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Beware the ethanol hangover

By Ken Willett - posted Friday, 13 December 2002

Ethanol is well and truly the flavour of the month among politicians with a taste for electoral advantage and businesses keen to drink from the taxpayers' trough.

Large production subsidies and suggested compulsory blending of ethanol,otherwise known as ethyl alcohol, in automotive fuel are the key ingredients of this intoxicating brew.

But before the rest of the community - motorists and farmers included - become just as intoxicated with ethanol-blended fuels, we need to take a closer look at the cocktail being offered as a saviour of the natural environment and sugar industry.


In the wake of the 1970s oil crisis, many governments tried to encourage greater use of alternative fuels by various means. The Australian Government exempted ethanol used as fuel from excise and customs duty.

Only in Brazil did ethanol become a major transport fuel. In the United States, only 1.2 percent of fuel used in cars is ethanol, mainly in a petrol-ethanol blend containing 10 percent ethanol (E10). In Australia, ethanol provides just 0.2 percent of all fuel for cars, but in specific areas ethanol content ranges up to 22 percent.

During the 1990s, popularisation of the concept of sustainable development and the theory of global warming revitalised interest in ethanol. This induced the Commonwealth Government to continue exempting fuel-ethanol from excise and customs duty.

In October 2001, the Commonwealth Government announced a capital subsidy of 16 cents per litre for new or expanded production facilities for biofuels, such as ethanol, until 30 June 2007 or production capacity reached 310 million litres. It also maintained excise and customs duty exemptions.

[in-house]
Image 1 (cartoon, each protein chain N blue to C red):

From 17 September 2002, the Commonwealth applied excise and customs duty to fuel-ethanol at 38.143 cents per litre, the same rate as petrol. Simultaneously, a subsidy of 38.143 cents per litre was given to domestic producers of fuel-ethanol for one year, pending consideration of long-term arrangements for "renewable energy".

Subsequently, politicians with one eye on crucial rural electorates and the urban green vote have argued that the ethanol subsidy should continue, and inclusion of ethanol in petrol should be compulsory, with the proportion rising over time as the Australian ethanol industry expands.


Manildra and CSR currently dominate ethanol production in Australia. Manildra uses waste starch from its wheat gluten and starch plant at Nowra. CSR's ethanol plant at Sarina uses C molasses, a low value by-product of sugar production.

In response to Commonwealth subsidies, all existing producers in Australia plan to expand capacity substantially. Also, Multiplex is investigating entering the industry with several ethanol plants around Australia.

But the costs and income transfers associated with subsidising and mandating use of ethanol in petrol are enormous.

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First published in The Courier-Mail on 7 December 2002.

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About the Author

Ken Willett is Manager of Economic and Public Policy at the RACQ.

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